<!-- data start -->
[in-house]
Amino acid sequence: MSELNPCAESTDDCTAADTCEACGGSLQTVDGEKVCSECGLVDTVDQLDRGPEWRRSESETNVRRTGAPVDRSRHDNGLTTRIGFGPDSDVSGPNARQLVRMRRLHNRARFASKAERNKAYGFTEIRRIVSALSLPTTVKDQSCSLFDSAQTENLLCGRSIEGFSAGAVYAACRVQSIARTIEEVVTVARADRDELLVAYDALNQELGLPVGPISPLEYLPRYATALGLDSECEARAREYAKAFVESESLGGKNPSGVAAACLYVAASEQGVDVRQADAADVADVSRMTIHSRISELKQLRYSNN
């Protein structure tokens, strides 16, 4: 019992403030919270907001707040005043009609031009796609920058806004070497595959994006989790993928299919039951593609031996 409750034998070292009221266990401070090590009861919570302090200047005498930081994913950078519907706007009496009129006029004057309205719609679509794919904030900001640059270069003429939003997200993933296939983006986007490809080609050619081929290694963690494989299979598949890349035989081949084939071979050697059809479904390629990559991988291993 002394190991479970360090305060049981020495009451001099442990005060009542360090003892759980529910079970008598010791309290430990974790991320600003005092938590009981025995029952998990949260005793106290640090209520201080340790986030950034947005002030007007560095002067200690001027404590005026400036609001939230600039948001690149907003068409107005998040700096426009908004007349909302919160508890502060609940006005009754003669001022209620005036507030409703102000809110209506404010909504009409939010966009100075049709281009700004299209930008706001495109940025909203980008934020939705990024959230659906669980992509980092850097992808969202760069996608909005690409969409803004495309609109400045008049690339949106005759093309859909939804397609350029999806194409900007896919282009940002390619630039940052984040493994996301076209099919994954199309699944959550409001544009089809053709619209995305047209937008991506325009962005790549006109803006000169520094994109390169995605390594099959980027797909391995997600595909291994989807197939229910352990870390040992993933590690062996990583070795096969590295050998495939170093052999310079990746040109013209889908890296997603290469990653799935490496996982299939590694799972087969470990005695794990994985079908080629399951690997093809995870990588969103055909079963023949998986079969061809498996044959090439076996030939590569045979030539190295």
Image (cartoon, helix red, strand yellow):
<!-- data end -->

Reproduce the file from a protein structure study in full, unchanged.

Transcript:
[in-house]
Amino acid sequence: MSELNPCAESTDDCTAADTCEACGGSLQTVDGEKVCSECGLVDTVDQLDRGPEWRRSESETNVRRTGAPVDRSRHDNGLTTRIGFGPDSDVSGPNARQLVRMRRLHNRARFASKAERNKAYGFTEIRRIVSALSLPTTVKDQSCSLFDSAQTENLLCGRSIEGFSAGAVYAACRVQSIARTIEEVVTVARADRDELLVAYDALNQELGLPVGPISPLEYLPRYATALGLDSECEARAREYAKAFVESESLGGKNPSGVAAACLYVAASEQGVDVRQADAADVADVSRMTIHSRISELKQLRYSNN
């Protein structure tokens, strides 16, 4: 019992403030919270907001707040005043009609031009796609920058806004070497595959994006989790993928299919039951593609031996 409750034998070292009221266990401070090590009861919570302090200047005498930081994913950078519907706007009496009129006029004057309205719609679509794919904030900001640059270069003429939003997200993933296939983006986007490809080609050619081929290694963690494989299979598949890349035989081949084939071979050697059809479904390629990559991988291993 002394190991479970360090305060049981020495009451001099442990005060009542360090003892759980529910079970008598010791309290430990974790991320600003005092938590009981025995029952998990949260005793106290640090209520201080340790986030950034947005002030007007560095002067200690001027404590005026400036609001939230600039948001690149907003068409107005998040700096426009908004007349909302919160508890502060609940006005009754003669001022209620005036507030409703102000809110209506404010909504009409939010966009100075049709281009700004299209930008706001495109940025909203980008934020939705990024959230659906669980992509980092850097992808969202760069996608909005690409969409803004495309609109400045008049690339949106005759093309859909939804397609350029999806194409900007896919282009940002390619630039940052984040493994996301076209099919994954199309699944959550409001544009089809053709619209995305047209937008991506325009962005790549006109803006000169520094994109390169995605390594099959980027797909391995997600595909291994989807197939229910352990870390040992993933590690062996990583070795096969590295050998495939170093052999310079990746040109013209889908890296997603290469990653799935490496996982299939590694799972087969470990005695794990994985079908080629399951690997093809995870990588969103055909079963023949998986079969061809498996044959090439076996030939590569045979030539190295």
Image (cartoon, helix red, strand yellow):